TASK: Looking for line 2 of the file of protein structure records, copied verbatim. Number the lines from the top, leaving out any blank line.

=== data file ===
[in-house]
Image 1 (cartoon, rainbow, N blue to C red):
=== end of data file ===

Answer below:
Image 1 (cartoon, rainbow, N blue to C red):